Vallas subsequently took her out of the cell. Vallas had written all of the traffic tickets, and she told defendant that she was allowed one phone call at that time. Vallas asked defendant if she wanted to call an attorney, and defendant replied that "it was rather pointless as she [Vallas] had already written the tickets." Defendant telephoned her sister-in-law to come and get her.
Following presentation of this evidence, defense counsel cited to the court several cases from other States following what has become known as the confusion doctrine. Under this doctrine, it is improper to suspend a person's driver's license under the implied-consent law for refusing to submit to an alcohol test if the refusal stems from the person's misunderstanding that the Miranda rights are applicable to the request for the alcohol test. (See Rust v. Department of Motor Vehicles (1968), 267 Cal.App.2d 545, 73 Cal.Rptr. 366 (driver's license improperly suspended for refusal to take alcohol test until consultation with attorney where defendant advised at time of arrest that he had the right to an attorney beginning at that moment).) Defense counsel argued that defendant's refusal to take the test was a result of her belief that her right to counsel under Miranda was applicable to the request for the breathalyzer test. The trial judge found that the doctrine was inapplicable because defendant did not show any confusion in this regard. He based this finding on Officer Vallas' testimony that defendant requested to call her attorney after the refusal to take the test, and his conclusion that the refusal was not conditioned on the denial of such request.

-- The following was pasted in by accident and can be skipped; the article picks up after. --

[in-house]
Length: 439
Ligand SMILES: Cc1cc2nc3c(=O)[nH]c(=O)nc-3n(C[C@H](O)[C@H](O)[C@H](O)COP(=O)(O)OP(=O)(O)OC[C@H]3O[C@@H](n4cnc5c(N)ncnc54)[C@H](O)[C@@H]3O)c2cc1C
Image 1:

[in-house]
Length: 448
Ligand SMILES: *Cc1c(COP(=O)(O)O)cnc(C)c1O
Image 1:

Defendant subsequently pleaded guilty to the charge of DUI. She was placed on court supervision for one year and fined $350. She is appealing only the court's decision in the implied-consent proceeding.
• 1 We first consider defendant's argument that, pursuant to the confusion doctrine, she should not be deemed to have "refused to submit" to the breathalyzer test. We cannot agree with the trial court that this defense was not factually supported. While it is true that on direct examination Officer Vallas testified that defendant requested to call her attorney after the refusal to take the test, on cross-examination it became apparent that that request for an attorney immediately followed the refusal. Defendant's complete response to the request that she take the breathalyzer test was, "No, I won't take the test. You are violating my rights, I want to talk to a lawyer." Considered in its entirely, this response is not distinguishable from the conditional refusal in Rust. (See also Wiseman v. Sullivan (1973), 190 Neb. 724, 211 N.W.2d 906; State v. Severino (1975), 56 Haw. Hawaii, 537 P.2d 1187.) Defendant's response showed that she believed that her right to an attorney was applicable to the request to submit to a breathalyzer test.